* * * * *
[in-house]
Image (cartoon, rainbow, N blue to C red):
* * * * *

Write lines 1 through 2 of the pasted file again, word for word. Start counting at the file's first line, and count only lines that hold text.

[in-house]
Image (cartoon, rainbow, N blue to C red):